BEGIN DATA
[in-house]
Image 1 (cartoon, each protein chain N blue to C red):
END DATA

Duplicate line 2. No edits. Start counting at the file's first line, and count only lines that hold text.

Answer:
Image 1 (cartoon, each protein chain N blue to C red):